Tom Ernsting is a model and actor who has many Instagram followers. His profile shows countless pictures of him modeling and working out, which has drawn many people’s attention toward how good-looking he is. Because of this, scammers have targeted him countless times, stealing many of his pictures and creating thousands of fake profiles.
Ernsting receives about 10-15 messages a day from victims yelling at him for abandoning them, and one even accused him of leaving her at the altar. There are even some people who have asked him if he’s the real Tom Ernsting or just another scammer trying to talk to them.
“I believe COVID-19 has increased the number of catfishing scams due to people having more free time on their hands. Not only to make up the fake profiles but also to be the person being scammed who spends more time on the Internet and is probably more desperate for attention than they typically are,” he stated.
While Ernsting took it as a compliment at first, but now he just feels responsible for educating victims on what these scammers have done to them using his images. He usually confirms to them that he is the real profile and tries to reassure the victims that they were indeed in a relationship with a scammer.
Terry Sorrells is an active-duty first sergeant logistics specialist in the army who is a brand ambassador for Military Fresh. He is an influencer to his many Instagram followers, which has also made him famous in the Catfishing world. Scammers have made thousands of fake profiles based on Terry’s photos, targeting thousands of women’s wallets and even some gay men’s wallets. We estimated that $1,000,000 was made off of the fake profiles scamming these innocent victims.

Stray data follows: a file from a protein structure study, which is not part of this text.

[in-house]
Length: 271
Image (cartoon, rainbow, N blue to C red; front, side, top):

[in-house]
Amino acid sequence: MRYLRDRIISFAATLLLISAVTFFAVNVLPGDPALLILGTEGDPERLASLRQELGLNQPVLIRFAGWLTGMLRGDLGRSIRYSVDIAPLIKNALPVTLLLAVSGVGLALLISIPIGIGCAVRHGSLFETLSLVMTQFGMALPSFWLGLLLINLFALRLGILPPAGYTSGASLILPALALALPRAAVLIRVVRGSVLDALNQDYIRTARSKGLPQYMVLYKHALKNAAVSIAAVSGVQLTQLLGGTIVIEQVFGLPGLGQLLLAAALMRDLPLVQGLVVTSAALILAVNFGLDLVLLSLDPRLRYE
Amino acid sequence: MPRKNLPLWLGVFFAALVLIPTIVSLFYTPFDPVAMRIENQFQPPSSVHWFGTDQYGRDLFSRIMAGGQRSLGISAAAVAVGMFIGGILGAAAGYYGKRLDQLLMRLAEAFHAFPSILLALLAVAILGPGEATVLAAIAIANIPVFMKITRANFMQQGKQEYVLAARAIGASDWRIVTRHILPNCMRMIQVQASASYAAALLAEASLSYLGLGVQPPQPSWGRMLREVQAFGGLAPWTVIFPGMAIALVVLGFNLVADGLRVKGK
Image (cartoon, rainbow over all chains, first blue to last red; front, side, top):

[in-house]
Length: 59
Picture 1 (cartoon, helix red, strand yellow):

Scammers use military men’s profiles all the time when they create fake profiles. This allows for the scammer to pretend they are deployed in another country so that the women they are talking to never ask to meet in person. They also know that a lot of women are attracted to and go after military men, meaning that women will rarely say “no” when it comes to giving them a chance at online dating.
Terry’s advice to those who are looking into online dating is to pay attention to the story the scammer tells you. A military man is able to call you and video chat with you using their cell phones. They have access to Wi-Fi and the military pays for them to get deployed to wherever the military says. If someone is telling you otherwise, then they aren’t really in the military and are just looking to catfish you.
Alessandro Cinquini is a social media influencer on Instagram and a first officer for Carnival Cruise Lines. He got popular on social media for posting photos of him traveling across the world as he worked for the cruise line. As he gained 10,000 followers, scammers started to steal his photos and pretended to be him as they lured girls into their scam trap.
Since then, he’s gotten thousands of messages a year averaging to about 5-10 messages a day from girls who have been tricked with his photos. There have been girls simply letting him know that his images were being used, and others that have accused him of being a scammer himself.
He’s seen about 10 new accounts with his images on the profiles created a day. He tries to report them, but they keep on popping up on Instagram. He’s almost had his account blocked by scammers, but Scam Haters United has stepped in and helped him get his account back.